Transferrin is a plasma protein involved in iron delivery to tissues. To study iron transport into the brain under a transferrin deficiency, iron concentration and 59Fe uptake in the brain were measured in neonatal hypotransferrinemic (HP) mice at 7 days of age. Brain iron concentration of the HP mice, in which iron concentration was relatively high in the cerebral cortex and cerebellum, was approximately three times higher than that of non-mutant mice, whereas serum iron concentration of HP mice was significantly lower than that of non-mutant mice. When 59FeCl3 was subcutaneously injected into HP and non-mutant mice, 59Fe was distributed highly in the choroid plexus in the ventricles of HP mice 24 h after injection. The 59Fe distribution in the brain was different between HP and non-mutant mice. On the other hand, the clearance of 59Fe from the blood was very high in HP mice and the hepatic 59Fe concentration of HP mice was more than ten times of that of non-mutant mice. The present findings demonstrate that iron distribution in the brain is changed by transferrin deficiency and that iron abnormally accumulates in the brain of HP mice. It is likely that the management of iron is different in the brain of HP mice.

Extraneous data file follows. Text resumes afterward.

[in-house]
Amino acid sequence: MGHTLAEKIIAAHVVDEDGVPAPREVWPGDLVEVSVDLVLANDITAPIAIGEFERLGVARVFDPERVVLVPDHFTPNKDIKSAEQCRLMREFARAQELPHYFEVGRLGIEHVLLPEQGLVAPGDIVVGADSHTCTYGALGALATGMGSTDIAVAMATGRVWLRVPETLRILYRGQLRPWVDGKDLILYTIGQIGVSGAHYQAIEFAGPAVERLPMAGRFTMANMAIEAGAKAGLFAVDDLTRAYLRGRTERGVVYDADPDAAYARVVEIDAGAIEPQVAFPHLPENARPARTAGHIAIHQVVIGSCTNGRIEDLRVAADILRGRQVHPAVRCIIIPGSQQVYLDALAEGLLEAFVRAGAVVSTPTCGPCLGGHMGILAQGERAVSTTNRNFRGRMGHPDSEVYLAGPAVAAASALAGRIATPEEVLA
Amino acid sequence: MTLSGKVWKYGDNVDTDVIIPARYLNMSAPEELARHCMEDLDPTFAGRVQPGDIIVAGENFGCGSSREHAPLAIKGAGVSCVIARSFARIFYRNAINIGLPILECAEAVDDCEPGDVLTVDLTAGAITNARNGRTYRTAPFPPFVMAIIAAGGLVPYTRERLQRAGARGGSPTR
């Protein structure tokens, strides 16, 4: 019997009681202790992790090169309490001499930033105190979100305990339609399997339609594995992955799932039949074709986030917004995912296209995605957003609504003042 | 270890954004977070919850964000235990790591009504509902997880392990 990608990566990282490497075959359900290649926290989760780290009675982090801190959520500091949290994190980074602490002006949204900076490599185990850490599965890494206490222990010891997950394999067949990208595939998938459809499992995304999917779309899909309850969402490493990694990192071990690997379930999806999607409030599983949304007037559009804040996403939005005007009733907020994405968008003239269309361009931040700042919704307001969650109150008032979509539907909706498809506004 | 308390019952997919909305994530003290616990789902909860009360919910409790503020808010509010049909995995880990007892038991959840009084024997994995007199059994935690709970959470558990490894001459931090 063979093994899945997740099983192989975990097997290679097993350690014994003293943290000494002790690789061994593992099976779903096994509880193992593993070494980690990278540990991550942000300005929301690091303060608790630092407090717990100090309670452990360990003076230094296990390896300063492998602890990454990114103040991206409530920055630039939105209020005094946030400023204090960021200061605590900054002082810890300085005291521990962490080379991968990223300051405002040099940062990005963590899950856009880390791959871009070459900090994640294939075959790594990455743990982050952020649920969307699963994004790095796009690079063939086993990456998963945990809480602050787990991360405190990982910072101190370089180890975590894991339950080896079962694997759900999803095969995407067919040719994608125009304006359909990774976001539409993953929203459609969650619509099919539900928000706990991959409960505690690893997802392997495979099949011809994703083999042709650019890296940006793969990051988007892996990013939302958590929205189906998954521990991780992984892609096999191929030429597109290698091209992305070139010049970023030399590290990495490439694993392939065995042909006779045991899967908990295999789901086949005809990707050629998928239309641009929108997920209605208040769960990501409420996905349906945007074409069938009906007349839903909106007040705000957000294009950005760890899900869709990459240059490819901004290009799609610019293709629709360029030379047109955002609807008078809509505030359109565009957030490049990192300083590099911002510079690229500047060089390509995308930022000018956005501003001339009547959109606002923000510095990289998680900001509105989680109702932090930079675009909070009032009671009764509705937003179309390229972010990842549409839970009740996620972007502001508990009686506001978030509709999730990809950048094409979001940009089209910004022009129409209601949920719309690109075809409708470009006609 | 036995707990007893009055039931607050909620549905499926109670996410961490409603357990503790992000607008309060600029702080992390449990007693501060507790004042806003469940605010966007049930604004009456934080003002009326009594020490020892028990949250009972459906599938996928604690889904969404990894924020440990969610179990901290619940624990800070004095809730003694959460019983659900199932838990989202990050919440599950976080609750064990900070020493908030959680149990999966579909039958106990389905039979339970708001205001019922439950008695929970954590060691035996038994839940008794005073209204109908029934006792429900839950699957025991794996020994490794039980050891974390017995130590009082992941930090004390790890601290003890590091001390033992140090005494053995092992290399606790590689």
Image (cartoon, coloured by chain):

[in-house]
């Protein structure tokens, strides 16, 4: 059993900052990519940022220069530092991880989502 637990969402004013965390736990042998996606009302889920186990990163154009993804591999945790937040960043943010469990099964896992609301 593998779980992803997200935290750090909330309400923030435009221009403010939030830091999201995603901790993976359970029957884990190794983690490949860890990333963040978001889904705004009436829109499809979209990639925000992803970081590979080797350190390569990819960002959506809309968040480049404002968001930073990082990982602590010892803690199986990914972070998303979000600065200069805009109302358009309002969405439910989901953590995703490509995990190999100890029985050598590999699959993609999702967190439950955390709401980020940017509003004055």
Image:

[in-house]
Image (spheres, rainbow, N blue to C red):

All Science Journal Classification (ASJC) codes
- Molecular Biology
- Clinical Neurology
- Developmental Biology